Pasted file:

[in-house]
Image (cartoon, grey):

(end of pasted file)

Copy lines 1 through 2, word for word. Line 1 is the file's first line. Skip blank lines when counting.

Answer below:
[in-house]
Image (cartoon, grey):